Construction is “running out of steam” but should start to pick up, according to BIS Shrapnel’s Economic Outlook Bulletin.
BIS Shrapnel argues there will be huge both upwards and downwards fluctuations in some sectors, but aggregate growth will be “solid rather than spectacular”.
“What we’re seeing is rolling construction cycles, with marked differences between sectors,” says Dr Frank Gelber, chief economist, BIS Shrapnel. “In particular, there is a switch from government-funded to privately-funded investment as the primary growth driver. Through all of this, resources investment has remained strong, despite the pause as we switched from one round of projects to the next through the hiccup of the GFC.”
It’s important to look at the different drivers of individual sectors to understand what’s happening in construction, according to BIS Shrapnel.
The clue to the future, it says, is contained in the switch in activity over the last six months. “Before that, both building and non-building construction had been growing strongly – initially under the impetus of private investment, but driven by public spending in the last two years.”
“The GFC, the domestic credit squeeze, the collapse in confidence, the resultant economic downturn and government stimulus played a major role in the course of events,” says Dr Gelber. “Residential building, the non-residential sector and engineering construction were all affected.”
The bulletin highlights government housing more than tripled during the GFC, offsetting the weakness of the private sector, however expenditure on public housing will halve over the next few years.
“Meanwhile, private sector residential building, having picked up a little through the middle of last year has again stalled,” says Dr Gelber. “Only now, as finance becomes available and we dust off medium and high rise developments, are we seeing the first signs of a resumption in the private residential recovery. Growth should pick up momentum over the next two years.”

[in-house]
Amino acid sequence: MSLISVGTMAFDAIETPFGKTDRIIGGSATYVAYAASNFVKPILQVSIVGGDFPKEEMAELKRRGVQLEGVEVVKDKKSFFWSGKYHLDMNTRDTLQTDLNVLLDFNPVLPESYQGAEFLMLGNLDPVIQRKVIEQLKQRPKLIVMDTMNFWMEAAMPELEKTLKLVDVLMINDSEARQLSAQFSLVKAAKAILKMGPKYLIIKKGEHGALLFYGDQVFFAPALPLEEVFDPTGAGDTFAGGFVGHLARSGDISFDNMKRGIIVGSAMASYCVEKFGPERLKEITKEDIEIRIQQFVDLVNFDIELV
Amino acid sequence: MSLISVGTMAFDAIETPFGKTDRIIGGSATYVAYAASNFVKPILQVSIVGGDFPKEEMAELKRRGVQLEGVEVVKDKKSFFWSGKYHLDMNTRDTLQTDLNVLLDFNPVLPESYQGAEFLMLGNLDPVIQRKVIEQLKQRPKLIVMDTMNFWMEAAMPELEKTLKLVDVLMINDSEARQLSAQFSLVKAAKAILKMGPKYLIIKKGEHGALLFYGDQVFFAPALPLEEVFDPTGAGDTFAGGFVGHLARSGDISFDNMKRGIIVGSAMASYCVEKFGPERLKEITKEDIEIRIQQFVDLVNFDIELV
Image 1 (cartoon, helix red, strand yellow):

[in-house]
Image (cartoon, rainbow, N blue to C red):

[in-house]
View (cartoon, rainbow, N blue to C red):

The organisation notes non-residential building was strong until the middle of last year. The downturn in the private sector began in early 2009 as projects before the GFC arrived were completed.
“It was extraordinarily strong public expenditure, driven by a doubling of expenditure on schools and strong investment in hospitals, which offset much of this decline until recently,” says BIS Shrapnel. “But now, over the last six months, public expenditure on non-dwelling building has been winding down as projects are completed.”
“With private sector commercial and industrial building slaughtered by the lack of funding throughout the GFC, and still weak, total non-residential building has fallen sharply over the last six months,” says Dr Gelber. “The government sector has further to fall and the real issue is how quickly a recovery in private investment comes through to take its place.”
Non-residential building is expected to fall four per cent this year, followed by a further drop of 10 per cent in the next financial year “as recovery in the private sector is offset by falling government funded construction.”
BIS Shrapnel says public construction has risen by more than 50 per cent over the last two years. It expects it will grow by two per cent this financial year and then drop by 20 per cent over the next two years.
Total private construction is expected to rise by around four per cent this year and average 10 per cent growth over the next two years.
Growth in total construction has moderated to around four per cent this year, BIS Shrapnel says, and a similar result is expected next year before “picking up pace”.
(By:Switzerbroker Bulletin www.switzer.com.au, Published on: Friday, March 04, 2011)